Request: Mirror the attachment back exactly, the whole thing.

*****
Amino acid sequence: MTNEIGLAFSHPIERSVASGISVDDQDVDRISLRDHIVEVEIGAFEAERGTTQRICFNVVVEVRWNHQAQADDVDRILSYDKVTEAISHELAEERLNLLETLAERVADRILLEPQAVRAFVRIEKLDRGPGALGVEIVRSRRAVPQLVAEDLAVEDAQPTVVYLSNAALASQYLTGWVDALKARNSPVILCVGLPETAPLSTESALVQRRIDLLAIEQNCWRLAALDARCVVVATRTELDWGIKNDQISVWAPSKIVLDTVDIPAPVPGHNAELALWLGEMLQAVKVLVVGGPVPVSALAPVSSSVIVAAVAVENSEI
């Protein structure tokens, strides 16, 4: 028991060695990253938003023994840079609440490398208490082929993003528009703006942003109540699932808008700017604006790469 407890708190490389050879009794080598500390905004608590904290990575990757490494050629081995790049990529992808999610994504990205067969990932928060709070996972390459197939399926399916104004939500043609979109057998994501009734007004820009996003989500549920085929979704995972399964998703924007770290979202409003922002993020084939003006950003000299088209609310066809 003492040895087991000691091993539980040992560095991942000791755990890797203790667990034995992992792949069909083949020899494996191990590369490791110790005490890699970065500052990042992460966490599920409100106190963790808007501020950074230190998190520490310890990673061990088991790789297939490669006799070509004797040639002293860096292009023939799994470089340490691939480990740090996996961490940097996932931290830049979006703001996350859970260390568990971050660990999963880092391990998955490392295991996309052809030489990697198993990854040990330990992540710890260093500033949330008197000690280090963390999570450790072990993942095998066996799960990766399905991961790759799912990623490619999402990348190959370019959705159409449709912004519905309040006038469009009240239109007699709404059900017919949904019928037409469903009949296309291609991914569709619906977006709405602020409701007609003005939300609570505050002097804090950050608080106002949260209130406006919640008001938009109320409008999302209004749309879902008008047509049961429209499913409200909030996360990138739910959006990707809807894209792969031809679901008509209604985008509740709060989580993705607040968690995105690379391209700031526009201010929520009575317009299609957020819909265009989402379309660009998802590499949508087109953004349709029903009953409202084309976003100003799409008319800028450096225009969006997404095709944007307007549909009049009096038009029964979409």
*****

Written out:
Amino acid sequence: MTNEIGLAFSHPIERSVASGISVDDQDVDRISLRDHIVEVEIGAFEAERGTTQRICFNVVVEVRWNHQAQADDVDRILSYDKVTEAISHELAEERLNLLETLAERVADRILLEPQAVRAFVRIEKLDRGPGALGVEIVRSRRAVPQLVAEDLAVEDAQPTVVYLSNAALASQYLTGWVDALKARNSPVILCVGLPETAPLSTESALVQRRIDLLAIEQNCWRLAALDARCVVVATRTELDWGIKNDQISVWAPSKIVLDTVDIPAPVPGHNAELALWLGEMLQAVKVLVVGGPVPVSALAPVSSSVIVAAVAVENSEI
């Protein structure tokens, strides 16, 4: 028991060695990253938003023994840079609440490398208490082929993003528009703006942003109540699932808008700017604006790469 407890708190490389050879009794080598500390905004608590904290990575990757490494050629081995790049990529992808999610994504990205067969990932928060709070996972390459197939399926399916104004939500043609979109057998994501009734007004820009996003989500549920085929979704995972399964998703924007770290979202409003922002993020084939003006950003000299088209609310066809 003492040895087991000691091993539980040992560095991942000791755990890797203790667990034995992992792949069909083949020899494996191990590369490791110790005490890699970065500052990042992460966490599920409100106190963790808007501020950074230190998190520490310890990673061990088991790789297939490669006799070509004797040639002293860096292009023939799994470089340490691939480990740090996996961490940097996932931290830049979006703001996350859970260390568990971050660990999963880092391990998955490392295991996309052809030489990697198993990854040990330990992540710890260093500033949330008197000690280090963390999570450790072990993942095998066996799960990766399905991961790759799912990623490619999402990348190959370019959705159409449709912004519905309040006038469009009240239109007699709404059900017919949904019928037409469903009949296309291609991914569709619906977006709405602020409701007609003005939300609570505050002097804090950050608080106002949260209130406006919640008001938009109320409008999302209004749309879902008008047509049961429209499913409200909030996360990138739910959006990707809807894209792969031809679901008509209604985008509740709060989580993705607040968690995105690379391209700031526009201010929520009575317009299609957020819909265009989402379309660009998802590499949508087109953004349709029903009953409202084309976003100003799409008319800028450096225009969006997404095709944007307007549909009049009096038009029964979409």